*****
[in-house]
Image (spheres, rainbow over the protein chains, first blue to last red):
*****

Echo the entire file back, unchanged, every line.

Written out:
[in-house]
Image (spheres, rainbow over the protein chains, first blue to last red):